7 Circuits used in the CPU during the cycle: Program Counter (PC) - an incrementing counter that keeps track of the memory address of which instruction is to be executed next...Memory Address Register (MAR) - holds the address of a memory block to be read from or written to.Memory Data Register (MDR) - a two-way register that holds data fetched from memory (and ready for the CPU to process) or data waiting to be stored in memoryInstruction register (IR) - a temporary holding ground for the instruction that has just been fetched from memoryControl Unit (CU) - decodes the program instruction in the IR, selecting machine resources such as a data source register and a particular arithmetic operation, and coordinates activation of those resourcesArithmetic logic unit (ALU) - performs mathematical and logical operations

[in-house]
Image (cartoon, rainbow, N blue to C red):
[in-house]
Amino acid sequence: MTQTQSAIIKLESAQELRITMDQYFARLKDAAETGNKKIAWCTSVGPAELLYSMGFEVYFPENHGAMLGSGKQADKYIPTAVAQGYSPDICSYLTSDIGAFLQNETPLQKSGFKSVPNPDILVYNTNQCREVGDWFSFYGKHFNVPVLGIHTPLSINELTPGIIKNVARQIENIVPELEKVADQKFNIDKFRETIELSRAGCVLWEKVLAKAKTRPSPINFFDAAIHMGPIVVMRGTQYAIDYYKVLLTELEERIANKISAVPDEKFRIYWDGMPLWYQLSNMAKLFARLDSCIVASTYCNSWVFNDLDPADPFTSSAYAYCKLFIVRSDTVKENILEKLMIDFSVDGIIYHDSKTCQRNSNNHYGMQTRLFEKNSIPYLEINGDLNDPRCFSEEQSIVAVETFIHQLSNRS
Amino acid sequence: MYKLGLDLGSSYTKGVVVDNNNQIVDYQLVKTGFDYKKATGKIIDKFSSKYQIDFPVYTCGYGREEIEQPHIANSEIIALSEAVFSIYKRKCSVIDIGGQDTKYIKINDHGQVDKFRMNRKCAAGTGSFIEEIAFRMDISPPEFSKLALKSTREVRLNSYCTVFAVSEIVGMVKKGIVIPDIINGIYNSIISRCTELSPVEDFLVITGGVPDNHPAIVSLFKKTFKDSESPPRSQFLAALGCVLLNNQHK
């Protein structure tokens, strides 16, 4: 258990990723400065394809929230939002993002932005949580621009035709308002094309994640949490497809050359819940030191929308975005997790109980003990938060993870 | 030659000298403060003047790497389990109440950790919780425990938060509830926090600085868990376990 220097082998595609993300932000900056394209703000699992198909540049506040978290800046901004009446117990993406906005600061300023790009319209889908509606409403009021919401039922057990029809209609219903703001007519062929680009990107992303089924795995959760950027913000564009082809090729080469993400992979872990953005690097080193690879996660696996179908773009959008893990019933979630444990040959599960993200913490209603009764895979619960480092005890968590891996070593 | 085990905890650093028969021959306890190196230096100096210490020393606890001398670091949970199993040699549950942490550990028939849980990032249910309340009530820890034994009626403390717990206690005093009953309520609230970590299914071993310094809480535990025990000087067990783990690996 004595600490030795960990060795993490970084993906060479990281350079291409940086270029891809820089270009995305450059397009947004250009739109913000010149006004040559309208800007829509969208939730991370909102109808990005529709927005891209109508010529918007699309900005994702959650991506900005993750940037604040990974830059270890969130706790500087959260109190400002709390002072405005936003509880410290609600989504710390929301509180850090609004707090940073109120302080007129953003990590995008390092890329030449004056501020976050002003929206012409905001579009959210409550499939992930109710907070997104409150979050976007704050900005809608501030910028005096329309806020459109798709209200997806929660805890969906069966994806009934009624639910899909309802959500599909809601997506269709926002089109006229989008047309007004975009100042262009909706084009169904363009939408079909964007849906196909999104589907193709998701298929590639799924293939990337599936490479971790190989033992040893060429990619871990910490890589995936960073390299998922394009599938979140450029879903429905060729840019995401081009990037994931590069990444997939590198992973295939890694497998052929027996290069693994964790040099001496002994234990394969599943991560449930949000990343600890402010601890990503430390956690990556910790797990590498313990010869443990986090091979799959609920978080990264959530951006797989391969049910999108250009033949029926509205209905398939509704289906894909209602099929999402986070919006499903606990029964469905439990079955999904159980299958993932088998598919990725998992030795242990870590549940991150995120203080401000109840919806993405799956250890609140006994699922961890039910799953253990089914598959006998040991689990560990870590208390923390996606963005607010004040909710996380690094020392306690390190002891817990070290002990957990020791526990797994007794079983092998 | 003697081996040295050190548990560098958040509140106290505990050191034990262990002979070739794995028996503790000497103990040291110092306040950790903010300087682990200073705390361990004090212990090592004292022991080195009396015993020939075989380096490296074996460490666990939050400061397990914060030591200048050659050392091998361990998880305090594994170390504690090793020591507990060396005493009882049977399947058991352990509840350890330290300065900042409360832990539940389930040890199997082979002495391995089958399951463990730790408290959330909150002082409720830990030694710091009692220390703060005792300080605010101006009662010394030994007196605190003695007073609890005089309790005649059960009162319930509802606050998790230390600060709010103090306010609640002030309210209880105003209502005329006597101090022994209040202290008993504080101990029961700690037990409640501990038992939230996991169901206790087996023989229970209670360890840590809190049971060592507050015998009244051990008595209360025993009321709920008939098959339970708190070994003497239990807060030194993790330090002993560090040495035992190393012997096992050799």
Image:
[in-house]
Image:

8 Instruction CycleThe sequence of operations performed by the CPU in processing an instruction constitutes an instruction cycleWhile the details of the instruction cycle vary with the type of instruction, all instruction require two major steps namely, fetch step during which the instruction is read from the external memory M and an execute step during the operations specified by the instruction are executedAction of CPU during an instruction cycle are defined by a sequence of microoperations, each of which typically involved a register transfer operation